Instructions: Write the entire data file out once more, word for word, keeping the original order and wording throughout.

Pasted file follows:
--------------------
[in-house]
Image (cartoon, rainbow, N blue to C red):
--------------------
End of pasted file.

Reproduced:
[in-house]
Image (cartoon, rainbow, N blue to C red):